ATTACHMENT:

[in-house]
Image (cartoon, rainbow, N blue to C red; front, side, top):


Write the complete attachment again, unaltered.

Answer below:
[in-house]
Image (cartoon, rainbow, N blue to C red; front, side, top):